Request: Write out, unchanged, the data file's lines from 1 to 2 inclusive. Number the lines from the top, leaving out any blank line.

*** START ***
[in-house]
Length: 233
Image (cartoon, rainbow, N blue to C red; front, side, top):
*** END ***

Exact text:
[in-house]
Length: 233